Citing flawed process UN expert says Iraq should not execute exVice President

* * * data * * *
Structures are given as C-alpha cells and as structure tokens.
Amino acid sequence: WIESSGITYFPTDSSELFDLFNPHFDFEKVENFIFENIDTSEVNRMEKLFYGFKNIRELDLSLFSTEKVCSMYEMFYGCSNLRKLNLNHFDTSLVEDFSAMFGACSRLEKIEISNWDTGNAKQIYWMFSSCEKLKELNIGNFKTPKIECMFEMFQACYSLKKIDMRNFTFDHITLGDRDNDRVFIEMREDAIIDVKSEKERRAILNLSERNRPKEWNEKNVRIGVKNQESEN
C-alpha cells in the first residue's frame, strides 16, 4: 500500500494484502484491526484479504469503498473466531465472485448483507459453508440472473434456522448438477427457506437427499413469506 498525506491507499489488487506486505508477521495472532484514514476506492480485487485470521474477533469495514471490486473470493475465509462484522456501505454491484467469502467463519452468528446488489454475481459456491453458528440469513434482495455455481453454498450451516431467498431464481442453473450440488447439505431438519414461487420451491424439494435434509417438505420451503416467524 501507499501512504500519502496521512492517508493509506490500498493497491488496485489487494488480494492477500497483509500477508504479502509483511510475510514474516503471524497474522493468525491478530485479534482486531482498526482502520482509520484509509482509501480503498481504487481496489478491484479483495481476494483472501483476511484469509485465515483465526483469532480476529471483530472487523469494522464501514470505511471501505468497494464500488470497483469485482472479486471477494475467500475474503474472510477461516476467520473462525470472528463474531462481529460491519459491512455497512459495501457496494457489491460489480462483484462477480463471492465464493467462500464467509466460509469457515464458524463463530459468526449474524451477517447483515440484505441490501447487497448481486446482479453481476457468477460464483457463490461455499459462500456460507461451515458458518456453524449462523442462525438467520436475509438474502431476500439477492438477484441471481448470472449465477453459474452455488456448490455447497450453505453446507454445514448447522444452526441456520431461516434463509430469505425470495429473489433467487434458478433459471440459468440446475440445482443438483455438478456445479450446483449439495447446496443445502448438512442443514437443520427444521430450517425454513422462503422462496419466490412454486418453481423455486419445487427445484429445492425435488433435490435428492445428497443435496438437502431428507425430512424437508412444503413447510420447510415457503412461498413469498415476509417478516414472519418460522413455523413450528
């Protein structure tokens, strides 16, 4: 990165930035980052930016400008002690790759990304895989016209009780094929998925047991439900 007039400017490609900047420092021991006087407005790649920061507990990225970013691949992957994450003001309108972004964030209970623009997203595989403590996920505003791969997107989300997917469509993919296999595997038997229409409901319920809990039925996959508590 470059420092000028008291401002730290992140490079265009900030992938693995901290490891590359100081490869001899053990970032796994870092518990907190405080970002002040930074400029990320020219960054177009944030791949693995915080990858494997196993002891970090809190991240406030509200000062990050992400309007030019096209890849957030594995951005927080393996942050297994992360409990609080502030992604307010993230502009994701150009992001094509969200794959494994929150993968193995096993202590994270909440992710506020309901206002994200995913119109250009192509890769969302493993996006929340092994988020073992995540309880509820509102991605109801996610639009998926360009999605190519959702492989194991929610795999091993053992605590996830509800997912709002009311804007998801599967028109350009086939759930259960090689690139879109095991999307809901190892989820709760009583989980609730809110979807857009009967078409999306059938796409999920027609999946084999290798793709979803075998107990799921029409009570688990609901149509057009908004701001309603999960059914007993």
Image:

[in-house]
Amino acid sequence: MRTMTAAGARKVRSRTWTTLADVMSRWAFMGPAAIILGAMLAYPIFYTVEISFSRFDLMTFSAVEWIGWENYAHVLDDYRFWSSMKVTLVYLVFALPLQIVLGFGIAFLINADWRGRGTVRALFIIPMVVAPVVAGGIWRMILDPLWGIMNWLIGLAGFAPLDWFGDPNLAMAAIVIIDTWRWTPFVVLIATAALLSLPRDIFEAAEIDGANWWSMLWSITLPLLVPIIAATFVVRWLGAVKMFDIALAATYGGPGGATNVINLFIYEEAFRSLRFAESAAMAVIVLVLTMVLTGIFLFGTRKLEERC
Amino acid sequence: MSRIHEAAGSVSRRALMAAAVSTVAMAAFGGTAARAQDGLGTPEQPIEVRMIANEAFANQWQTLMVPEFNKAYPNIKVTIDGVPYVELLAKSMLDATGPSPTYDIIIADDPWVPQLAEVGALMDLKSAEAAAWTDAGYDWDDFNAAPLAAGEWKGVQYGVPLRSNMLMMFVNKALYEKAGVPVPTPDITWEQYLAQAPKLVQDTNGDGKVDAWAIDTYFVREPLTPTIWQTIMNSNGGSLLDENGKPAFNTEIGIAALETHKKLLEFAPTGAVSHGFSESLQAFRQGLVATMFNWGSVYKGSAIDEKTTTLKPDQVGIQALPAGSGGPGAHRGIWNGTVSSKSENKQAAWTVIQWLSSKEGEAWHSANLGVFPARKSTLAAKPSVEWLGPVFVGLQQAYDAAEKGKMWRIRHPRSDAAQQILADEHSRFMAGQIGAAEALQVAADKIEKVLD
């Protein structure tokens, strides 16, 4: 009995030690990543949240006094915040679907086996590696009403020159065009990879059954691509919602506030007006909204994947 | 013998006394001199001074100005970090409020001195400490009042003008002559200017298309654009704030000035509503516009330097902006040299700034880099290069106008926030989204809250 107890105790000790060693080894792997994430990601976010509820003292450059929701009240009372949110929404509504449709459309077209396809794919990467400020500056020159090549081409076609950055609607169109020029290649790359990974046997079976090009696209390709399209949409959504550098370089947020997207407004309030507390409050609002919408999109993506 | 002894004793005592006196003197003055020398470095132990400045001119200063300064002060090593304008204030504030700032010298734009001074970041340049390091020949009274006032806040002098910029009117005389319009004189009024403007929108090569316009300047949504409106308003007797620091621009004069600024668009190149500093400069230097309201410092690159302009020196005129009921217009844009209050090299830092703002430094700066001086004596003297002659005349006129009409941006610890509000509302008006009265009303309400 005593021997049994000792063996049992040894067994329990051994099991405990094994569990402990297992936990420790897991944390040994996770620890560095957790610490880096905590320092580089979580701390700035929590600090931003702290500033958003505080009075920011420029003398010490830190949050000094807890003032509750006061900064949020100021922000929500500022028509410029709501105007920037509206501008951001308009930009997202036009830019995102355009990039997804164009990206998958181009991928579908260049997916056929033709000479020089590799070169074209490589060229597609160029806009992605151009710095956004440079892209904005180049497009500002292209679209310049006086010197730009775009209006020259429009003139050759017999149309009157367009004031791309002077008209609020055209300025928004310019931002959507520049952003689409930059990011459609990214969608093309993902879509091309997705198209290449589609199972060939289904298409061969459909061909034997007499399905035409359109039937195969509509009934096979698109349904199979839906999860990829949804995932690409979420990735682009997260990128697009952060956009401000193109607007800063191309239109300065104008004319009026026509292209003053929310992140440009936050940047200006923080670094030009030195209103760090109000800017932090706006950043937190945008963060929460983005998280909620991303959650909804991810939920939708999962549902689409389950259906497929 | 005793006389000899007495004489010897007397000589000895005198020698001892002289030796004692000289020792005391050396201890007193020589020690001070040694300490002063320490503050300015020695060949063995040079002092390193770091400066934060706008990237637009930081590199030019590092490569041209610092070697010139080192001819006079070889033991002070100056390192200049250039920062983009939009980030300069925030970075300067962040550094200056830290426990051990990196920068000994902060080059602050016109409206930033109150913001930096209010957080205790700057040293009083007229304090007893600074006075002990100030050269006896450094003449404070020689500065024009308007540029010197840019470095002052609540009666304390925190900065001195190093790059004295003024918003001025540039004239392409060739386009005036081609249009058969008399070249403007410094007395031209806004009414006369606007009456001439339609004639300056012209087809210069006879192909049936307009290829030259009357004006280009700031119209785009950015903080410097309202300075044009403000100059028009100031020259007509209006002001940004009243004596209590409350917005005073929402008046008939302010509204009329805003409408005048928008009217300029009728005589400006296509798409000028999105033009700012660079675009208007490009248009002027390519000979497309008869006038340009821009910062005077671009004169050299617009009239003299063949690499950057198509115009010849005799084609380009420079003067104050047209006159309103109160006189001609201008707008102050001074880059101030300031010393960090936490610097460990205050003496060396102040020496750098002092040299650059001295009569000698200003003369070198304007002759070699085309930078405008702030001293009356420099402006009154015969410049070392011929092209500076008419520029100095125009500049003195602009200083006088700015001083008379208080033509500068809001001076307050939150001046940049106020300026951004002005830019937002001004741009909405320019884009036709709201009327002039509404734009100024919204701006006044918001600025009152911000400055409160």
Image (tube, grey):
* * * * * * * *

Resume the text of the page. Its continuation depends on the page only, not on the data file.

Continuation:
16 March 2007After this week’s dismissal of Iraqi former Vice President Taha Yassin Ramadan’s appeal against the death penalty imposed by the country’s High Tribunal, an independent United Nations legal expert called on the Government to not carry out the execution, citing the “procedurally flawed legal process” that lead to the sentence. Leandro Despouy, the Special Rapporteur on the independence of judges and lawyers, issued a statement today saying that the High Tribunal “has violated international standards on due process” and “therefore is not in a position to sentence Taha Yassin Ramadan to death.”The Appeals Chamber of the High Tribunal, in its 12 February decision, did not address the “grave shortcomings” of the original trial which sentenced Mr. Ramadan to a life sentence. The Chamber described this decision as being “too lenient,” and sent the case back to the trial court for his sentence to be increased to death.On Wednesday, all nine members of the appeals court ratified Mr. Ramadan’s death sentence.The trial violated international human rights standards and principles, according to the Representative, “in particular the right to be tried by an independent and impartial tribunal and the right to adequate defence,” as laid out in the Universal Declaration of Human Rights and the International Covenant on Civil and Political Rights (ICCPR).Mr. Despouy, who has issued two previous press statements on this matter, is an unpaid expert serving in an independent personal capacity, reporting to the Geneva-based Human Rights Council.